This is a SUPER easy guide on Tellurium element.
In fact, the table mentioned below is the perfect information box (Which gives you every single detail about the Tellurium element in Periodic table.)
So if you want to know anything about Tellurium element, then this guide is for you.
Let’s dive right into it!
Tellurium Element (Te) Information
Crystalline form is: Silvery gray lustrous
Amorphous form is: Brown-black powder
|State (at STP)||Solid|
|Position in Periodic table|
Group: 16, Period: 5, Block: p
|Atomic number or |
|Atomic mass|| |
2, 8, 18, 18, 6
|Electronic configuration||[Kr] 4d10 5s2 5p4|
206 picometers (van der Waals radius)
|1st Ionization energy||9.01 eV|
2.1 (Pauling scale)
|Melting point||722.6 K or 449.5 °C or 841.1 °F|
|Boiling point||1261 K or 988 °C or 1810 °F|
|Who discovered Tellurium and when?|
Franz-Joseph Müller von Reichenstein (in 1782)
See how this Interactive Periodic Table helps you
- You can effortlessly find every single detail about the elements from this single Interactive Periodic table.
- You will get the detailed information about the periodic table which will convert a newbie into pro.
- You will also get the HD images of the Periodic table (for FREE).
Visit ➢ Periodic table
Tellurium in Periodic table
Tellurium element is in group 16 and period 5 of the Periodic table. Tellurium is the p-block element and it belongs to chalcogens group.
Click on above elements (in Periodic table) to see their information or Visit Interactive Periodic Table (which shows names, symbol, atomic mass, electron configuration, electrons arrangement, etc. of all the elements)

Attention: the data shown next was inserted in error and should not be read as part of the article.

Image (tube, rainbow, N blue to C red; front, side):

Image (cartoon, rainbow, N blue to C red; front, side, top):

Click on above elements (in Periodic table) to see their information
←Move to: Antimony (Sb) element – Periodic Table
→Move to: Iodine (I) element – Periodic Table
Why is Tellurium in Group 16?
Do you know, how many electrons can be accommodated in the first shell, second shell, third shell, fourth shell, etc…?
Here is the table showing the capacity of orbits to hold electrons.
Number of electrons in shells.
|Orbit / Shell (n)||Maximum no. of electrons this orbit can hold (2 × n2)|
|K shell, n = 1||2 × 1² = 2|
|L shell, n = 2||2 × 2² = 8|
|M shell, n = 3||2 × 3² = 18|
|N shell, n = 4||2 × 4² = 32|
- 1st shell can hold 2 electrons.
- 2nd shell can hold 8 electrons.
- 3rd shell can hold 18 electrons.
- 4th shell can hold 32 electrons, and so on.
Now the atomic number of tellurium (Te) is 52.
Hence the electron arrangement in tellurium is 2, 8, 18, 18, 6. And the electron configuration of tellurium is 1s2 2s2 2p6 3s2 3p6 3d10 4s2 4p6 4d10 5s2 5p4.
This electron arrangement and electron configuration indicates that the outermost orbit (i.e orbit number 5) of tellurium atom has 6 electrons.
Hence, it lies in group 16.
Why is Tellurium in Period 5?
Let me ask you a question.
How many shells does tellurium have?
It’s 5. Right?
You have already seen the bohr model of tellurium atom in the above table.
From the Bohr model, it can be found that the number of orbits or shells in tellurium is 5. Hence, as tellurium has 5 orbits, it lies in period 5 of the Periodic table.
Why is Tellurium in p-block?
Before knowing this reason, first of all I want to ask you a simple question.
How can you determine the blocks-wise position of elements?
The simple answer: The elements will lie in the s, p, d or f block will completely depend upon the subshell in which the last electron will enter.
For example; the electron configuration of tellurium is [Kr] 4d10 5s2 5p4.
So the last electron of tellurium enters the p-subshell or p-orbital.
Hence, tellurium is the p-block element.
6 Interesting facts about Tellurium
Interesting facts about tellurium element are mentioned below.